The new Apple Watch is showing up the latest iPhones.
September is typically the time for Apple fans to ooh and ahh over the latest smartphones — and the iPhone XS and iPhone XS Max are indeed worthy upgrades. But the real showstopper this year is the smartwatch: It’s faster, more functional and could literally save your life.
The Apple Watch Series 4, which hits stores on Friday, represents the watch’s first major redesign since its 2015 debut. Tucked into a more attractive design — including slightly rounded corners, a slimmer body and 30% more screen space to tap tiny icons and texts — this new Apple Watch is also a health-tracking powerhouse.
The wearable comes with a handful of features aimed at a whole new demographic: the elderly. One new tool, for example, recognizes when a user falls and automatically sends a notification to their emergency contact. It’s also the first wearable with a built-in ECG monitor available over the counter. The feature has been cleared by the FDA so it can be used as a medical device. The ECG’s software will be activated in the United States later this year. Apple hasn’t said whether it’ll come to devices globally.
The watch starts at $399 for a 40mm model and $429 for the slightly larger 44mm version. That starting price bumps up to $499 for cellular connectivity. (The Series 3 started at $329).
While the Series 4 price tag is higher, experts say Apple’s features could modernize hospital and geriatric care, and even assist field-service workers in dangerous environments. The company put the smartwatch through a series of intensive tests, including one designed to train it to distinguish between a delicate plop onto the bed and a hard fall on the floor.
“By making this feature available on the latest watch, Apple stands to displace existing fall-detection equipment in many verticals,” said market analysis firm IDC’s Jitesh Ubrani, acknowledging brands like Life Alert. “I have no doubt the new Apple Watch will make patient monitoring much easier and far more regular.”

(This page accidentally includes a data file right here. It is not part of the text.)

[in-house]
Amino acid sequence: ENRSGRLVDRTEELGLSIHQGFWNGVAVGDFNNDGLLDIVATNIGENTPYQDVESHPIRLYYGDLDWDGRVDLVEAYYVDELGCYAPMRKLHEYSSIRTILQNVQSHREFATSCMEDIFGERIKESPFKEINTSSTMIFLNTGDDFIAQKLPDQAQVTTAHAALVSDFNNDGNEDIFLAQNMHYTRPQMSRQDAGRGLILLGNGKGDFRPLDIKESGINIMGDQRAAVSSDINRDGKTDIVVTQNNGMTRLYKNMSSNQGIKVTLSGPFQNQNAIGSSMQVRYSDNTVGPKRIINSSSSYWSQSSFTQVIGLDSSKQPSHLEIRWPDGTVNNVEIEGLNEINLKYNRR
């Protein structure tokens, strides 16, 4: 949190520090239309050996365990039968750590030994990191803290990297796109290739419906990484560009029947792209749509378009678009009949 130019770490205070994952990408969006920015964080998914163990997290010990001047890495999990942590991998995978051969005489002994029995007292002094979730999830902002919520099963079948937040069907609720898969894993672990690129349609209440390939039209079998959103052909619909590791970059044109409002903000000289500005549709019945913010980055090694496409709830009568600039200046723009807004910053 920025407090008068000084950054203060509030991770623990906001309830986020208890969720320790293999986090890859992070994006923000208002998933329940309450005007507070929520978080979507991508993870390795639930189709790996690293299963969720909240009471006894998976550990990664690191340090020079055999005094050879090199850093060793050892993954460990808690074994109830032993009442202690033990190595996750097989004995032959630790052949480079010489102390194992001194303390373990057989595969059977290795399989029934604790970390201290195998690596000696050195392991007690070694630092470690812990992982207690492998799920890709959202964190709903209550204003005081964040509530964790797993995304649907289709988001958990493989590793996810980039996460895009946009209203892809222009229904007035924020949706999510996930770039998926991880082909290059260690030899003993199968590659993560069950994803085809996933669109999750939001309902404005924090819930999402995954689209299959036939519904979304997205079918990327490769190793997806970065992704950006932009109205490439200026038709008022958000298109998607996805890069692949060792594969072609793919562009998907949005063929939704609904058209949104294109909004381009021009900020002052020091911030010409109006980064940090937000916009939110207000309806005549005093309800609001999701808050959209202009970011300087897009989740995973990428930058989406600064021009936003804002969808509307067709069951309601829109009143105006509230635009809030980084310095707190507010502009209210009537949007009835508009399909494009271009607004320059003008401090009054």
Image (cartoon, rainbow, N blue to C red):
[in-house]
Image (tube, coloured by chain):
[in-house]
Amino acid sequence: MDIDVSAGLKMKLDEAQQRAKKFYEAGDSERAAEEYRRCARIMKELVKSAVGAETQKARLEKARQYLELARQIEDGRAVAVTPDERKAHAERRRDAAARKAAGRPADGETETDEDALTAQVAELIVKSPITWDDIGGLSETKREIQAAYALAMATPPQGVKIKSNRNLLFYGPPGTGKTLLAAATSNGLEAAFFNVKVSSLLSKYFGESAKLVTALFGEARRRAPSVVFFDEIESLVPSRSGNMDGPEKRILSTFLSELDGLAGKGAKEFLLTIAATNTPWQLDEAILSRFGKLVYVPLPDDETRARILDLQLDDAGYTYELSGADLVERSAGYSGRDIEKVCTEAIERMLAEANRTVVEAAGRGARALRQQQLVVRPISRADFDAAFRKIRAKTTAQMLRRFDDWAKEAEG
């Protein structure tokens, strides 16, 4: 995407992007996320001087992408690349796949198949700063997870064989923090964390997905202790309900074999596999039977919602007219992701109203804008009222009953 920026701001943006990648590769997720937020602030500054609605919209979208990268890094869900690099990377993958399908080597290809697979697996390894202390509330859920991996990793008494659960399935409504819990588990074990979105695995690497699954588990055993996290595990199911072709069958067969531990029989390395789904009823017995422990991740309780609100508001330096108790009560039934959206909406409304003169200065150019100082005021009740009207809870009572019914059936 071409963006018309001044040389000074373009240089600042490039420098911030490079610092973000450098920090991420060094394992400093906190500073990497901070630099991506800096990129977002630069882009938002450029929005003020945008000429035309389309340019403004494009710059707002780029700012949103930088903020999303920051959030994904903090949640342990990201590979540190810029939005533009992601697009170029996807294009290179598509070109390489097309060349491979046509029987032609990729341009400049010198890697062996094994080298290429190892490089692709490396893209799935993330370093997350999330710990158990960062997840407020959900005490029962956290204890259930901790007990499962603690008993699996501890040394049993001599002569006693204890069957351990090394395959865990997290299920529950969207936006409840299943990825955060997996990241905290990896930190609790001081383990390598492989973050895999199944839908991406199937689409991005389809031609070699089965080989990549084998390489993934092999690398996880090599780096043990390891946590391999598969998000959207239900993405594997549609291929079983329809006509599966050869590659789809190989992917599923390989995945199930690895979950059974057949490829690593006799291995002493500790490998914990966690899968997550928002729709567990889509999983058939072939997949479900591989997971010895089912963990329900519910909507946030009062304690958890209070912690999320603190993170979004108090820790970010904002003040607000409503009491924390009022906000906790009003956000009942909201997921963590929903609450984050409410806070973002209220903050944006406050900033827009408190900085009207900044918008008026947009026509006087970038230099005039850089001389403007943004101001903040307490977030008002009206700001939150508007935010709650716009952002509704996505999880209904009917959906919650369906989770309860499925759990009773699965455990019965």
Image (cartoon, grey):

That’s because people will be more likely to show off (and keep on) a cool-looking Apple Watch compared to a traditional medical device.
Weston Henderek, director of the NPD Group, says the ECG functionality could one day help diagnose conditions such as atrial fibrillation, an irregular heartbeat. Users can create long-term running logs of ECGs that can be shared with their doctors over time.
The new features are notable, but Henderek cautions the role of the Apple Watch as a true medical device is still a work in progress.
“The space will not be truly revolutionized until additional medical tracking functionality, such as blood glucose and blood pressure monitoring, are added to devices like the Apple Watch,” Weston said.
Meanwhile, Fitbit — Apple’s biggest wearables competitor — is also thinking ahead. In August, Fitbit unveiled its Charge 3 tracker with a Sp02 sensor, shorthand for peripheral capillary oxygen saturation, that measures blood-oxygen levels. Coupled with Fitbit’s heart-rate tracker and sleep monitoring, this trifecta provides a solid snapshot of overall health. Although the Fitbit lacks the Series 4’s fall detection and ECG monitoring, it’s also a fraction of the cost at $149.
Apple Watch continues to lag behind competitors in sleep tracking, a feature Apple omitted. The Series 4 can’t afford to shave any hours off its battery life, which is about 18 hours on a charge. Meanwhile, Fitbit’s Charge 3 lasts for days.
As wearables get smarter, companies face a major challenge to educate the public how to properly use their products as medical devices.
“Consumers don’t really know the difference between FDA ‘approval’ and ‘clearance,’” Ubrani, the IDC analyst, pointed out. Plus, “some of the features are designed for healthy consumers rather than those who already have medical issues. … It’s easy for consumers to conflate the issues and think the Apple Watch will replace a traditional doctor’s visit.”
For now, experts believe users will prioritize staying connected via notifications such as texts, alerts and emails over health tracking. After all, users can now summon Siri with just a raise of the wrist, jump in and out of apps at faster speeds, and enjoy louder and more immersive sound, making it easier to take calls from the device.
The Series 4 also comes with new interactive watch faces. But a lack of downloadable custom options is a missed opportunity for developers, Apple and users.
Ultimately, however, Apple’s greater push into health is its biggest growth opportunity. It will likely appeal to a new demographic, ignite partnerships with health and life insurance companies to offer the device to employees, and roll out internationally.
IDC predicts Apple Watch sales will soar more than 38% year-over-year and expects that rate to continue for the next 5 years, largely because of the device’s focus on health.
“Apple is already the No. 1 player in the smartwatch market by a big margin and has shown very strong growth,” NPD Group’s Henderek said. “But continuing that momentum and finding new ways to grow will become even more challenging.”
For now, the company hopes you’ll splurge on an Apple Watch this holiday season not only for the kids and for yourself — but for Grandma, too.
— Correction: An earlier version of this story inaccurately said that the ECG monitor feature has been given FDA approval. It has received FDA clearance, a less rigorous level of FDA evaluation.
CNNMoney (New York) First published September 26, 2018: 9:56 AM ET